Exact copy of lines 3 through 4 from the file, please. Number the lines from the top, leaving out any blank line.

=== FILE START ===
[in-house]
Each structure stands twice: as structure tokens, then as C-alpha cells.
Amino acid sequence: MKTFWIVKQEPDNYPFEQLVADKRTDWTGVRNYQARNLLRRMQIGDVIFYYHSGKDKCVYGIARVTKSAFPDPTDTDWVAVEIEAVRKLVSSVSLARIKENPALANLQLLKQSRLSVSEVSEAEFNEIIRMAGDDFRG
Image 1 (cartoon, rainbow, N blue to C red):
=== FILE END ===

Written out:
Amino acid sequence: MKTFWIVKQEPDNYPFEQLVADKRTDWTGVRNYQARNLLRRMQIGDVIFYYHSGKDKCVYGIARVTKSAFPDPTDTDWVAVEIEAVRKLVSSVSLARIKENPALANLQLLKQSRLSVSEVSEAEFNEIIRMAGDDFRG
Image 1 (cartoon, rainbow, N blue to C red):